Colors In Our Palette


Logan: remarkably different somehow and yet it really isn’t. Not vivid. There wasn’t anything really that jumped and said ‘remember me,’ yet for some reason, I noticed color after color during this past East Coast visit…….it started with gray and muted dirty cream walls, and the American Flag near Luggage claim, more symbolic of New England to me than America.

Sometimes I think we forget the impact of colors or lack of them, how they make us feel, what they make us remember or……forget.

New England’s colors are easy to remember, easy to get lost in…..soft sage, muted yellows, Victorian blue, country barn red, hunter green and white picket fences surrounded by oak and sweeping willow trees, the kind we would swing from as children.

…….the covered porch swing, weathered picnic table, the infamous Adirondack chair, creamy clam chowder, the familiar pink and orange Dunkin Donuts sign on every corner, a shack with a broken lobster sign, the silted jacket that my cab driver always wore……..

Yet, the airports, public offices and government buildings give me gray and muted dirty cream, a stark contrast from the vivid colors in my new West Coast palette.

When we remember the impact of something — anything — whether it be a color, sounds, images, smells, or someone’s walk or voice, we tend to stop dead in our tracks to listen to the memory. Often, when we do this, we’ll rewind the tape and play it over again and again, until we’re ready to move on or perhaps play another tape.

I recently played a lot of old tapes in Boston — an MIT lecture, a first kiss on the bank of the Charles, a shout from one balcony to another across a narrow alley in the North End, a symphony performance partially blocked by a red and black Red Sox cap, diner toast at 3 am after a night of swing dancing, the September barbecue and fighting off black flies on a New Hampshire lake in the middle of summer.

While great to reflect, its even better to remember the impact of the colors in our rainbow. We’re each given a palette and a canvas in which to paint our life’s storyboard. If we lose sight of the colors, will the images on our canvas be vivid enough? Vivid enough to pass the tale to someone we meet along our journey who must hear it?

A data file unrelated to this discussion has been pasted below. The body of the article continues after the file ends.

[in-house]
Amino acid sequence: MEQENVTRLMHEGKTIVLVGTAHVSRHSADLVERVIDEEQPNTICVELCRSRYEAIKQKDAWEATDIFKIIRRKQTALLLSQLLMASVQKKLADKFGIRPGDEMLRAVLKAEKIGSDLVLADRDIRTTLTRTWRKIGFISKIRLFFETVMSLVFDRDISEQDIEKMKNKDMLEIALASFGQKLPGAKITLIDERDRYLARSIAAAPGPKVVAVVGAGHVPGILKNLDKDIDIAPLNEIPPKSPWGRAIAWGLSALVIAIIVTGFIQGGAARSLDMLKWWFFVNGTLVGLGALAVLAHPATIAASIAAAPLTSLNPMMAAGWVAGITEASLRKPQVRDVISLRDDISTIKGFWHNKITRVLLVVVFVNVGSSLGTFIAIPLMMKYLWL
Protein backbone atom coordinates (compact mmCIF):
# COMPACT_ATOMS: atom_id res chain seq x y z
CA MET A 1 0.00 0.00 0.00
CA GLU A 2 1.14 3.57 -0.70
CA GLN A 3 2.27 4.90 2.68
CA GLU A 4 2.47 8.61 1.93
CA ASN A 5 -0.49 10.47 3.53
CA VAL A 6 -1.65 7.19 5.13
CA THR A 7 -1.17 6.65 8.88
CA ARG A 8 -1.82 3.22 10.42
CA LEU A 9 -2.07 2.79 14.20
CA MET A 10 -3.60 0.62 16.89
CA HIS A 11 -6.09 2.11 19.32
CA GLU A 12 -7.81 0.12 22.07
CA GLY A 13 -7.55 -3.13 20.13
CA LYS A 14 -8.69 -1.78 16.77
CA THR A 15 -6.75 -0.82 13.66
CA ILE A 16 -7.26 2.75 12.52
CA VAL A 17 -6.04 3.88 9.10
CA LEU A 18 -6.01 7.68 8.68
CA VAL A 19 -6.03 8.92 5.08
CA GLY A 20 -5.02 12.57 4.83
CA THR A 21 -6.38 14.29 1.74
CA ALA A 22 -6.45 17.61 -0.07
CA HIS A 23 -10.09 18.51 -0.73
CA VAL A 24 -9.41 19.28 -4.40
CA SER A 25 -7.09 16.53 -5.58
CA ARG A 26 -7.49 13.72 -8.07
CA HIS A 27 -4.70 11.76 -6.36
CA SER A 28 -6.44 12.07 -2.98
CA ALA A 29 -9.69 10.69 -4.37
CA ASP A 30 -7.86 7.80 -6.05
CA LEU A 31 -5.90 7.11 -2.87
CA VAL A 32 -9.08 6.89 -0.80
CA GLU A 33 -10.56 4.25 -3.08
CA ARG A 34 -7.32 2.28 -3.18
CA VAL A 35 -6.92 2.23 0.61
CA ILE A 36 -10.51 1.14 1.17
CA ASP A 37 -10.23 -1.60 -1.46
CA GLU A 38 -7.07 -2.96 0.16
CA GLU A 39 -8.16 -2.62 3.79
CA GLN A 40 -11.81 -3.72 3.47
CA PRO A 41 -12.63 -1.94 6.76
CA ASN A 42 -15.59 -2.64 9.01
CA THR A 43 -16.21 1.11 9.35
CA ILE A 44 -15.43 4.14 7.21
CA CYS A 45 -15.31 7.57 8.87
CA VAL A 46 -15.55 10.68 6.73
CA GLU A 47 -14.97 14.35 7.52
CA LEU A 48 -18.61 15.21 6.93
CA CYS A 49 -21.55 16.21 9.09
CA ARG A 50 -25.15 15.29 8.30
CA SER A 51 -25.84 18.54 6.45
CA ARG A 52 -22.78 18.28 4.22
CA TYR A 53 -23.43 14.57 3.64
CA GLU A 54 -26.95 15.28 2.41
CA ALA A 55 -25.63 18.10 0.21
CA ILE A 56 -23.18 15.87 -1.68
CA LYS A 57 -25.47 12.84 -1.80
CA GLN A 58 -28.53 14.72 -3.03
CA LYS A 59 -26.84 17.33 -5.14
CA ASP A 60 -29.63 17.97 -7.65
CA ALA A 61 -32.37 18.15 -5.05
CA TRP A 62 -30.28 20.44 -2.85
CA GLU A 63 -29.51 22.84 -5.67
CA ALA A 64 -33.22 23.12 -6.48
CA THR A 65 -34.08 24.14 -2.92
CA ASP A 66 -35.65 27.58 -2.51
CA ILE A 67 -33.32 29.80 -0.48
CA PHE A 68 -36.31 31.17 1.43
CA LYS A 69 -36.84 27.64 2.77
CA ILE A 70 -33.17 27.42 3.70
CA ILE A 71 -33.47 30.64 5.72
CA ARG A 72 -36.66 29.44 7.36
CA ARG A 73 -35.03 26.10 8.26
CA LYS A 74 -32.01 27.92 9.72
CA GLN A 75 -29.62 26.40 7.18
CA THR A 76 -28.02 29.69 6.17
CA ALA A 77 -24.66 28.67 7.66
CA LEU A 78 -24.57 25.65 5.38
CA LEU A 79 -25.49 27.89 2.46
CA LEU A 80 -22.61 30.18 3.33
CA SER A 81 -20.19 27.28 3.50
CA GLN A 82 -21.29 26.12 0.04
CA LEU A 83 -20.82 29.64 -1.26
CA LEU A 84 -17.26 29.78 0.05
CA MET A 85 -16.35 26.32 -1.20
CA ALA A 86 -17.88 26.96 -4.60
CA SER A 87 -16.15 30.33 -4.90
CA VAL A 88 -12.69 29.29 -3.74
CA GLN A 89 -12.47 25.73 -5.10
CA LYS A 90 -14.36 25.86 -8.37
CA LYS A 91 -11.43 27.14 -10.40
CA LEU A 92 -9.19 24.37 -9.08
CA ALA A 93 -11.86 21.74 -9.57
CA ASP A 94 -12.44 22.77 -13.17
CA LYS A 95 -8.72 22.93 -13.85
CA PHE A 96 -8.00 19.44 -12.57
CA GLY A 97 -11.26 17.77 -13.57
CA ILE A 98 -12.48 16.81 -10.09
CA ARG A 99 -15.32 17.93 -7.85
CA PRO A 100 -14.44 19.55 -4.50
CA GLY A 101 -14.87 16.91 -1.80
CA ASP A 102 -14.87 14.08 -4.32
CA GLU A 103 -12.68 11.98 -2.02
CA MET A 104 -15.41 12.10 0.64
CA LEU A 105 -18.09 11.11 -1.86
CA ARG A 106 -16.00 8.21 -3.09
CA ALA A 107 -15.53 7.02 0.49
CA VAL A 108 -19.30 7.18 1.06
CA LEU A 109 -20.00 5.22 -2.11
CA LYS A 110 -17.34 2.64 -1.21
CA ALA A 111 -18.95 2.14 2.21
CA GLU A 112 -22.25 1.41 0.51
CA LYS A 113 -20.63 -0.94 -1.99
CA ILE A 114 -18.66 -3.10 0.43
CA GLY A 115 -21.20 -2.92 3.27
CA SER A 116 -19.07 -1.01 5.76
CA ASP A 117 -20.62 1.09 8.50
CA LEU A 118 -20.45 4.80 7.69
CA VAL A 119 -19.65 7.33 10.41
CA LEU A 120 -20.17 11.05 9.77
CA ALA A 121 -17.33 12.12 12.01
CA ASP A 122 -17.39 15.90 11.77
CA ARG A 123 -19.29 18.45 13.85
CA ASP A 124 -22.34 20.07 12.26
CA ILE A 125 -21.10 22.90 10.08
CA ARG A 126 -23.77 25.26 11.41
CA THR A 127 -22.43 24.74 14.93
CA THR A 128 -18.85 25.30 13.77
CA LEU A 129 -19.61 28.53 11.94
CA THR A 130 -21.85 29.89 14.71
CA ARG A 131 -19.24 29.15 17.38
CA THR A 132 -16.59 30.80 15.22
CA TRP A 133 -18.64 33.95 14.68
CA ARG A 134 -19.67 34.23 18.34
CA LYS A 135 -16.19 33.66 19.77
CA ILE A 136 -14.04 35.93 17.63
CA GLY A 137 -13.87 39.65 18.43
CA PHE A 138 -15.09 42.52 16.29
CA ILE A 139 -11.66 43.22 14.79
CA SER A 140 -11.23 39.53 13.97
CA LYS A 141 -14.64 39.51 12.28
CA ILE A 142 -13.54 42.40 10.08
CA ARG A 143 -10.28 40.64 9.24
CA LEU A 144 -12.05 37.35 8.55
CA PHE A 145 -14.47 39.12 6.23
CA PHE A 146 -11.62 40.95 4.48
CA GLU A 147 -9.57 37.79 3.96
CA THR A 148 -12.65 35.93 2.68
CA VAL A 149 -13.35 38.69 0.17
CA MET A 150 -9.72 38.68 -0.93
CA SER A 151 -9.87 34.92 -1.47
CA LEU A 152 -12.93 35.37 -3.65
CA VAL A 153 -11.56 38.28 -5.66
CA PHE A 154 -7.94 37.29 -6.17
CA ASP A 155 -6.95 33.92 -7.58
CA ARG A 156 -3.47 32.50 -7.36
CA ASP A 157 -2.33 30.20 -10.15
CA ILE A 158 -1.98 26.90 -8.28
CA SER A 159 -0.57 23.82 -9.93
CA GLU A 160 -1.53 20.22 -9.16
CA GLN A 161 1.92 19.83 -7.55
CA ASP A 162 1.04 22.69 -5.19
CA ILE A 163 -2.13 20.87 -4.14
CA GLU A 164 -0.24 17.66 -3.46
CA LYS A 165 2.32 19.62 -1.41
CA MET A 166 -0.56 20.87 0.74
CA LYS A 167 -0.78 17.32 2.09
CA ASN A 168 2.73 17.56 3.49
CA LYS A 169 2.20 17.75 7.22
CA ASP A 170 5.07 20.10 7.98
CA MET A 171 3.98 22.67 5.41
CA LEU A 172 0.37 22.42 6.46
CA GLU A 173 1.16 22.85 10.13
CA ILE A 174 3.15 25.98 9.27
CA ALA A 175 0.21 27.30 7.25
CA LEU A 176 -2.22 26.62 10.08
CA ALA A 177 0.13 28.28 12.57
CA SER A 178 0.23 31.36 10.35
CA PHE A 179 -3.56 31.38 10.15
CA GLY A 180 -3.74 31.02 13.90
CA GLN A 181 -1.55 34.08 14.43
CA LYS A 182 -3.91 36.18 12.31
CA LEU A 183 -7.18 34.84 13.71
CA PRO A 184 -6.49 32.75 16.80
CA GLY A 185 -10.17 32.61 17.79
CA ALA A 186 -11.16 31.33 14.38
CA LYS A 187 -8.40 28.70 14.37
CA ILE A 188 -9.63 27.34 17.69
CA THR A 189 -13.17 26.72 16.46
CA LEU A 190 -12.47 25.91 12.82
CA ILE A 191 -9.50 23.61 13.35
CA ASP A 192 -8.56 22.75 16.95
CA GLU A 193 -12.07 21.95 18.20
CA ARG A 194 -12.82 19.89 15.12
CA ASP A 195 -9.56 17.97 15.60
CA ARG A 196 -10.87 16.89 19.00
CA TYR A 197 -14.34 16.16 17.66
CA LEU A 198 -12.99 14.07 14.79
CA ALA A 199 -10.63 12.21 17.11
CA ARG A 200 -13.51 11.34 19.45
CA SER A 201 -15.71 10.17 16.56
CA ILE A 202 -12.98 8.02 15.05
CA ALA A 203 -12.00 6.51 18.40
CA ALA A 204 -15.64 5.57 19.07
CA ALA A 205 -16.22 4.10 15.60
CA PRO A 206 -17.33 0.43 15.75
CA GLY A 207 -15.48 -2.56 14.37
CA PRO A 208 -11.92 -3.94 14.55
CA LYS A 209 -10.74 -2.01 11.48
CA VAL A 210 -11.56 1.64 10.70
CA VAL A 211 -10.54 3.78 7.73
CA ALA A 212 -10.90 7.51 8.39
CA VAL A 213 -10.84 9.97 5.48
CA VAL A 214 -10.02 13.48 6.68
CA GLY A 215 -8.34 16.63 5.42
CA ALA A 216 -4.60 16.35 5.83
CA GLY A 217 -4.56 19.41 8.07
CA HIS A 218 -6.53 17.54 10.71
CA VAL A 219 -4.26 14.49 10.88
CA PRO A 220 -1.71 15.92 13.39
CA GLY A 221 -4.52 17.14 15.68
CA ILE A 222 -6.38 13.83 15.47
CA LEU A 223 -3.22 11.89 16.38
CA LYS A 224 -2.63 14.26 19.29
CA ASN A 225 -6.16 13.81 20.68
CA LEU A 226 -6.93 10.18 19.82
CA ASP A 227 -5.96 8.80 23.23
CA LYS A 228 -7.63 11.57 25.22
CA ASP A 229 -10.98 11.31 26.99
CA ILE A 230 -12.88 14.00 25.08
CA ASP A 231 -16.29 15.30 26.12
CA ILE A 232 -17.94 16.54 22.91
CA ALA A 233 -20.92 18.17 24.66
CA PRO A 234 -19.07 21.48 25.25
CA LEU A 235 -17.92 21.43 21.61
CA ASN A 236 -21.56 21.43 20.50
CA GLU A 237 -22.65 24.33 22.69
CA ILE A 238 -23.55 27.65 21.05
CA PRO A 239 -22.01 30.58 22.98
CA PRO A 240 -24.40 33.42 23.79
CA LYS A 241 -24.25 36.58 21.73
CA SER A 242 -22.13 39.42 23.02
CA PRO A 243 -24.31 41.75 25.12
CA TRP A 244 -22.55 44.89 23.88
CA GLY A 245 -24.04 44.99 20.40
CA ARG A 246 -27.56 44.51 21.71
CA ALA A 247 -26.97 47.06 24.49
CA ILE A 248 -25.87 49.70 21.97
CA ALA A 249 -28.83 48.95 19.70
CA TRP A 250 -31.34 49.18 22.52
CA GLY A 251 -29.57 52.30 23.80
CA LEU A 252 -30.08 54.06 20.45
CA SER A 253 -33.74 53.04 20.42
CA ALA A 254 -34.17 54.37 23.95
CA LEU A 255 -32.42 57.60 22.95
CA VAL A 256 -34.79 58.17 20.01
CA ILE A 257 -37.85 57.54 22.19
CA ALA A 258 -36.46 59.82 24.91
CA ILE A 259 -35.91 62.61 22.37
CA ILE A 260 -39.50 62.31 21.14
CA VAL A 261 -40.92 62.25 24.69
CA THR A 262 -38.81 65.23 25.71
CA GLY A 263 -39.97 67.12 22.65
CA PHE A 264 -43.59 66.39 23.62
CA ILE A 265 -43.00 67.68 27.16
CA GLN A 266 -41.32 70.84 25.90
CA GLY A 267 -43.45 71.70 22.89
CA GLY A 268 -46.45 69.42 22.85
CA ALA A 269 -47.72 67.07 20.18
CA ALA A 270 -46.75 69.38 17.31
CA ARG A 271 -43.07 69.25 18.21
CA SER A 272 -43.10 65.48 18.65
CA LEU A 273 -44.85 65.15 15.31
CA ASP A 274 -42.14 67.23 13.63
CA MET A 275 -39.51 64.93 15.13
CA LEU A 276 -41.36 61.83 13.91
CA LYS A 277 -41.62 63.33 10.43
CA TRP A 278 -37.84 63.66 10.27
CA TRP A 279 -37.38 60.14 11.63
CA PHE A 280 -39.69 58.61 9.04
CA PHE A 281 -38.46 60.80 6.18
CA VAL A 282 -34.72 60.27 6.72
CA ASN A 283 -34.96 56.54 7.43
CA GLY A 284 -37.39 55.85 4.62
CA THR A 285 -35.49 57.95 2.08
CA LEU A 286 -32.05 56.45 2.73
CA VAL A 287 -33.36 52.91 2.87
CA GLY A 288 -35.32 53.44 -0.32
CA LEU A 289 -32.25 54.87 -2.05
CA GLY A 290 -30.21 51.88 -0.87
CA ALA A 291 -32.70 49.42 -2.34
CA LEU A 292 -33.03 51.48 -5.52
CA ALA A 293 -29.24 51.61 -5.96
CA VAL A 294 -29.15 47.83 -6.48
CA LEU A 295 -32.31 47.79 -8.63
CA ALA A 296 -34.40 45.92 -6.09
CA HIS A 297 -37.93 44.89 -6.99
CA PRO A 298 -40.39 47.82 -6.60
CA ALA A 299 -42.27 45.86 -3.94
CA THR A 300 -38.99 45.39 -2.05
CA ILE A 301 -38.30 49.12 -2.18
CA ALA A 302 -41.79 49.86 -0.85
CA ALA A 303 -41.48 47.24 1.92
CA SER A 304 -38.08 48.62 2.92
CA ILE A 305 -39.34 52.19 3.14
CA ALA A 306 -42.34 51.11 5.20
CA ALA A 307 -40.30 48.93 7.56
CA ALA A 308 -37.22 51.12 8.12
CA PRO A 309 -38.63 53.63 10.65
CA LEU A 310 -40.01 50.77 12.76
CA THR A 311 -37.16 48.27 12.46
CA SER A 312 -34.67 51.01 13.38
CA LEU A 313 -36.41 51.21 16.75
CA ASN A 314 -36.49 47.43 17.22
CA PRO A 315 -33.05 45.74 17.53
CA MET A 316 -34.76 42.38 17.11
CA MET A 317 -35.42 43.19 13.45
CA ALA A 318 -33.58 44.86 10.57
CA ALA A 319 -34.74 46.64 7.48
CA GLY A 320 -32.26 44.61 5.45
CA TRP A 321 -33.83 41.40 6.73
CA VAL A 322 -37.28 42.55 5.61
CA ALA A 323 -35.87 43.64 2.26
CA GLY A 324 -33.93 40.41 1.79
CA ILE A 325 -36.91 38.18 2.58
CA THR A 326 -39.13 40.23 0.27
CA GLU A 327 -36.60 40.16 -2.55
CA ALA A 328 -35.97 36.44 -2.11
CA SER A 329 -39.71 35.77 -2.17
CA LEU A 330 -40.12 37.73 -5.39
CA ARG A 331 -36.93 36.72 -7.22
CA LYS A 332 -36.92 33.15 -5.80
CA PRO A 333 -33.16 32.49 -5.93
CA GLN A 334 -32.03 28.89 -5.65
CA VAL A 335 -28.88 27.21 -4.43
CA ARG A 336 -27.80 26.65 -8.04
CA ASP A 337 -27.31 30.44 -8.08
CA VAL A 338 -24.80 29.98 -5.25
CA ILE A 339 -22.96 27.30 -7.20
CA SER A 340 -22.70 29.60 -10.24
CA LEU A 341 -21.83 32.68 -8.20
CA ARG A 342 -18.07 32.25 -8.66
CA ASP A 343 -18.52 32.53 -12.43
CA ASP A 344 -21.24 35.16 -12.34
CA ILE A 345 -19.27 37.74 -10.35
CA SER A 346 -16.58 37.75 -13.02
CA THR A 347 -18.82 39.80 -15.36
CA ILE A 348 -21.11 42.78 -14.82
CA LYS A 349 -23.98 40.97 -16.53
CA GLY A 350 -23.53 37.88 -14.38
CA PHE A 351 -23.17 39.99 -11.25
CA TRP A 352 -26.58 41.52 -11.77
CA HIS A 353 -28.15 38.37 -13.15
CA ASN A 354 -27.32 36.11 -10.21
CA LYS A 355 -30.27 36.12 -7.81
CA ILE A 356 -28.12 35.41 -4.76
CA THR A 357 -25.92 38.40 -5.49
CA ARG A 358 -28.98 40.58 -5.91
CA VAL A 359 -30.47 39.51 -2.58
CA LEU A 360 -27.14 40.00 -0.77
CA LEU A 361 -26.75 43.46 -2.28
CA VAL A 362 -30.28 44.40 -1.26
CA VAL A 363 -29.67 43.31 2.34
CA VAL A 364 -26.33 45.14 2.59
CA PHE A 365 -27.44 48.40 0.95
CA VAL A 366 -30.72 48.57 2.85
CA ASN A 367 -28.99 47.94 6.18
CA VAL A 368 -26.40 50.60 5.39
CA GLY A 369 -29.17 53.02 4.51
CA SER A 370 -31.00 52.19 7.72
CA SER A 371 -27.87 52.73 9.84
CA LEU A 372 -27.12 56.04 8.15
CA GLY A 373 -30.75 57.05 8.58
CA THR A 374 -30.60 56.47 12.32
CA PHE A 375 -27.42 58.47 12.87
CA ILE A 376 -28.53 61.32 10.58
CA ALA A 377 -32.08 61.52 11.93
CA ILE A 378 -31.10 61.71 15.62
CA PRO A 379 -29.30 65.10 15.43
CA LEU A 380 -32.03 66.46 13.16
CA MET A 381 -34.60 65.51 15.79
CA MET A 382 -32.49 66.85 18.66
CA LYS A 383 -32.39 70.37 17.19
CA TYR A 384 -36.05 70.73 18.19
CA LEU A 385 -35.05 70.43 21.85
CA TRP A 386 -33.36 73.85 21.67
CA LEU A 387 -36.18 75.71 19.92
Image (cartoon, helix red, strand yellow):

Sometimes, I find myself shedding a tear on an airplane — quite possibly because I so vividly remember the beauty of the palette I just left behind and imagine the colors I’m moving towards.

It’s in these colors that we live our lives and it is the colors that bring us gratitude……But it is the palette we draw our energy from and the working canvas that fuels our passion. The finished canvas is what finally brings us ultimate peace.

Renee Blodgett
Renee Blodgett is the founder of We Blog the World. The site combines the magic of an online culture and travel magazine with a global blog network and has contributors from every continent in the world. Having lived in 10 countries and explored nearly 80, she is an avid traveler, and a lover, observer and participant in cultural diversity.

She is also the CEO and founder of Magic Sauce Media, a new media services consultancy focused on viral marketing, social media, branding, events and PR. For over 20 years, she has helped companies from 12 countries get traction in the market. Known for her global and organic approach to product and corporate launches, Renee practices what she pitches and as an active user of social media, she helps clients navigate digital waters from around the world. Renee has been blogging for over 16 years and regularly writes on her personal blog Down the Avenue, Huffington Post, BlogHer, We Blog the World and other sites. She was ranked #12 Social Media Influencer by Forbes Magazine and is listed as a new media influencer and game changer on various sites and books on the new media revolution. In 2013, she was listed as the 6th most influential woman in social media by Forbes Magazine on a Top 20 List.

Her passion for art, storytelling and photography led to the launch of Magic Sauce Photography, which is a visual extension of her writing, the result of which has led to producing six photo books: Galapagos Islands, London, South Africa, Rome, Urbanization and Ecuador.

Renee is also the co-founder of Traveling Geeks, an initiative that brings entrepreneurs, thought leaders, bloggers, creators, curators and influencers to other countries to share and learn from peers, governments, corporations, and the general public in order to educate, share, evaluate, and promote innovative technologies.
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